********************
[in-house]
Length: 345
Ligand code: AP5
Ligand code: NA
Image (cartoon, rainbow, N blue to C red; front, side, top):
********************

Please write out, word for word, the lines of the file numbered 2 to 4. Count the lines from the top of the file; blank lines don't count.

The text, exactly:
Length: 345
Ligand code: AP5
Ligand code: NA